BEATRIZ AT DINNER is the 2nd film in a couple of weeks to break what I call the cardinal sin in filmmaking. And it does it again during the climax, and brings us an ending that is not as strong or memorable. Ugh, but if you want to read me bitching about this “cardinal sin” over and over again read my review for 47 Meters Down, because I’m tired of talking about it. What is really frustrating is that this film was written by Mike White, who has done great things along with films such as School of Rock and Orange County. Instead of bringing great dialogue, original ideas, and a really engaging story, here he brings us very plain words, a not so original political debate and a ho-hum story, albeit with some great performances.
Basically to some up the plot is that this rich family has this really grand personal dinner with close and wealthy friends/business people, and their lower class medical practitioner (played by Selma Hayek), who is giving the wife a massage earlier in the afternoon, her car breaks down and the wife invites her to stay for dinner until a friend can arrive so that she doesn’t have to pay an insane amount of money for a tow. Needless to say the medical practitioner is a little weird and clashes with one of the guests (played by John Lithgow) because he is a shady business enterepeneur.
Selma Hayek is fantastic in this and it is probably one of her best acting roles of her career. And John Lithgow is fantastic as always. It’s just that this movie is so bland. If you are going to have one of those movies where the film takes place in an enclosed area and you are going to have the story played out in conversations, those conversations better be pretty damn interesting. Alas, the conversations in this movie are not. Very bland and uninteresting. Hayek complains about stuff, and she leaves the room, she comes back and complains again, and leaves the room. Nothing really truly escalates to the point where it needs to escalate.
And the ending could’ve salvaged some of the film, but instead of taking it where it needed to go, it took it in a completely bizarre, unwarranted, and unearned ending. Combine that with the cardinal sin of filmmaking and you just have a very forgettable mediocre piece of film that amounts to absolutely nothing. A character does something right before the movie cuts to end credits that was so bizarre and unearned and full of cowardice that I have a feeling that Mike White completely pulled it out of his ass because he had no better way to end the film. I’ll tell you the better way, the better way would’ve been to have that cardinal sin be real. You’ll know what I mean if you ever see this movie.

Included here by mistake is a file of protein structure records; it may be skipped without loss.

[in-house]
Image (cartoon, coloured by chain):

But in the end, I don’t recommend that you ever see this movie. This is a talkie movie where the talk sucks and makes you want to go to sleep. Where great performances are left to die, desperately wanting to be in other and better films. And it’s a shame because Mike White is a really good screenwriter. He wanted to do a dark comedy, but the the comedy that there is is small, and the dark part of it is unearned. I was going to rate It Comes At Night the most mediocre film of the year, but perhaps I was too early to call that type of judgment. Because I would certainly watch that film again before I ever would this one. Blandest of the bland.